Inside Out: The Story Behind “Emphasis”

This essay is the backstory for our song “Emphasis,” which you can listen to below or over here.

I was waiting in an exam room at the emergency veterinary clinic when I found out my cousin had succumbed to the vodka he would not, could not stop drinking. I hadn’t been thinking about him at all — not the blond boy who used to ask me to feather his hair, not the star fashion student at Parsons School of Design, not the young man who’d lost several coveted jobs and his apartment in New York City. I was thinking about my 18-year-old cat, who had kidney issues and an unsettling nighttime wheeze. Recently, there’d been moments when his hind legs went out, rendering him temporarily unable to stand. I had composed my face to display calm concern. Underneath, every artery pulsed, please, please, please.

The main waiting room had offered soft couches, glossy magazines, an aquarium and several people holding hope about pets that had gotten into a scrape. But this secondary vestibule was a sort of isolation booth, windowless, with doors at both ends and beige floor to ceiling. It served as a purgatory where visitors were forced to release any blind optimism harbored in the initial waiting room, and face the judgment handed down by a wise vet.

Mine had a gentle bearing and black caterpillar eyebrows. He was sweetly apologetic when he picked up my cat to take him from this room to one deeper inside the bowels of the building for an ultrasound. He asked if I wanted to return to the main waiting room, as it could be a while. I said no, wanting to feel somewhat geographically closer to my cat in this confounding warren of oddly shaped waiting spaces.

The exam room contained a wooden bench, a small chrome table and one poster. But unlike the whimsical animal posters of the main waiting area, this one was an academic illustration, titled Chelonian Anatomy. It showed a turtle, stomach side up, his bottom shell removed to reveal different cutaways of bodily systems: skeletal, muscles, gastrointestinal, respiratory, circulatory. I took notes on the functions in an attempt to distract myself from how long the ultrasound was taking. But I kept wondering: Where exactly was the ultrasound room? The clinic was so chopped up, with so many doors leading to unseen places — I felt disoriented and a little seasick, as in a dream when you are stumbling through an unfamiliar building, unsure and afraid of what’s around the next corner.

My phone rang and it was my mother, calling from her home in Virginia. She asked if it was an okay time to talk. I said I was at the vet, waiting for some tests on Pepe. She said she hoped he was okay, and then her voice choked as she said, “Bren died.” My cousin, her sister’s son, had been found dead in his apartment. Not yet 40, he had been an alcoholic for years, in and out of rehab. He had moved back to Kansas and was working occasionally for a small shop, doing window displays and making pretty bracelets. He would call me sometimes wanting to chat, entirely unaware that it was 3 a.m. in Seattle. I could never get a grip on where he was calling from, picturing him in a hallway or a lobby, some transitory place.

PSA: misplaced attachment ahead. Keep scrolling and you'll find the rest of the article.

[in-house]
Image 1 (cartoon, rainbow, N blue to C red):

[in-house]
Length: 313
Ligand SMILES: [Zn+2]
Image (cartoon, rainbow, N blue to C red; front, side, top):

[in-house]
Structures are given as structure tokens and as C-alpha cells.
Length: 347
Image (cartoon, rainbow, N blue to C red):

Though we never lived in the same town, the cousins were close. As we grew up, our little group fondly teased each other about the different fads and philosophies we embraced. I kept hoping the drinking was another phase he’d grow out of, like frosted hair tips. On the phone he always told me he was doing better, that he was thinking of moving back to New York. But he had recently been brought to an emergency room after a stranger found him lying on a public walkway late at night, unresponsive. The doctors did a head scan and discovered that prolonged heavy drinking had caused his brain to shrink. They said his system couldn’t withstand much more. If he didn’t stop he was going to die.

Still, I was naive. When I heard my cousin had said, “I can’t live like this,” I took heart. I thought that meant he was going to turn himself around and get back to being a creatively gifted guy with an infectious, gasping laugh. But the alcoholic storyline has two possible endings.

It seemed like all of a sudden when the vet finally returned to the exam room with Pepe curled into his arm. He said the ultrasound didn’t find anything out of the ordinary. I don’t know what I looked like in that moment but the vet’s eyebrows registered alarm. I’m sure my face was wrong, given his benign news. I hadn’t had time to put the pieces back in the right order.

— Brangien

Song 1 of 11

I was waiting for you to snap out of it
I think I thought you’d come back out of it
but when I saw your hands were shaking
oh my god it was so heartbreaking
even then I did not get it
I can’t believe how I misread it
when you said, “I can’t live like this”
I thought you meant like this
I thought you were gonna change like this
but it’s all in the emphasis
I was waiting in a waiting room
when I found out that the waiting was through
on the phone my mother’s voice was shaking
oh my god it was so heartbreaking
and on the wall was a turtle poster
on his back he could not turn over
when you said, “I can’t live like this”
I thought you meant like this
I thought you were gonna change like this
but it’s all in the emphasis
it’s all in the emphasis

The Argument is Brangien Davis and Daniel Spils. Learn more about the band here: How The Argument Started and 1 of My 43 Things.

The Argument is releasing 11 songs in 11 weeks on Medium. Sign up for new song updates.

Thank you for listening.